The more our society turns to pets for comfort and caring, the more pet owners identify problems with their behavior. That’s why veterinarians who specialize in behavior are becoming an increasingly popular addition to the cache of specialists at our disposal.

Meanwhile, many veterinarians in general practice seem to reserve a certain level of barely grudging respect for those who elect this “softball” field of practice.

As in…

A surgeon? Worth referring my patients to for things I can't do.

An internist? If I can’t figure it out I guess my patients deserve another set of eyes.

A behaviorist? Puh-lease.

Now, this is a sweeping generalization, of course, as not all vets roll their eyes in response to behavior medicine (even fewer would admit to it). But the number of vets entering this specialty speaks to the reality of the demand for it: low. As a service that relies on referrals from general practitioners, that means low interest from within the profession.

And that would be OK as long as our clients were getting the services they needed. Instead, it’s my opinion that few of us provide good comprehensive behavior services to our clients.

I know I don’t. When I have a challenging behavior issue I’ll either work with a trainer or I’ll refer to a veterinary behaviorist (ninety minutes away, unfortunately). I can’t possibly do these cases justice. Why? I haven’t sought the additional training necessary to give me confidence that I can do so.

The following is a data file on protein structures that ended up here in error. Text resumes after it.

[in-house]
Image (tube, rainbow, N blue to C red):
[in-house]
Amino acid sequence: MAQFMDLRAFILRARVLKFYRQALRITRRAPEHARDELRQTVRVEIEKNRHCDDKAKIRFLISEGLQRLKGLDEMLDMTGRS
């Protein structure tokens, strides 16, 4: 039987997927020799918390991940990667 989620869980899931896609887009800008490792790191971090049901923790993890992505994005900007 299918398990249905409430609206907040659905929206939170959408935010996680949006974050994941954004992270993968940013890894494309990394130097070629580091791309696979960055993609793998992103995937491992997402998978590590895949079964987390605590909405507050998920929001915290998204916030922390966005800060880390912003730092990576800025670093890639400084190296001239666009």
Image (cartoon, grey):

Sure, vets should keep up with the basic and emerging issues in this subset of medicine, especially given the extremely common nature of behavior issues, but that doesn’t mean we do so on par with, let’s say, new approaches to gum disease.

And that begs the question: Why? Is it merely the smushiness of behavior, as it compares to the satisfying crunch of cardiology and ophthalmology (for example)?

I think it’s more. Honestly, I think it comes down to dollars and cents — as in, fewer of each. Considering the time spent in dark conference rooms getting versed on new issues in veterinary medicine, behavior seems less likely to earn its keep.

After all, behavior medicine takes time, patience, excellent client communication skills and yes, all the soft stuff we often like to avoid if we can. And then there’s the issue of profitability. A cat bite abscess? I can bring in $300 in 30 minutes with about $100 in supplies. An anxious dog with severe thunderstorm phobia? 30 minutes isn’t enough to do it justice. And $200 is far and away more than most are prepared to pay. See what I mean?

Nonetheless, we do our patients and our clients a disservice when we’re not well-trained in the basics or when we fail to refer cases that are deserving of a specialist. This is one area where vet medicine might need to get some remedial training.

Dr. Patty Khuly